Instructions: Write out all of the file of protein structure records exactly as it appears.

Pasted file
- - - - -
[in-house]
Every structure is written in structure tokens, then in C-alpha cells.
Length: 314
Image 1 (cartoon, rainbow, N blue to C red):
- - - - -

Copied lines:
[in-house]
Every structure is written in structure tokens, then in C-alpha cells.
Length: 314
Image 1 (cartoon, rainbow, N blue to C red):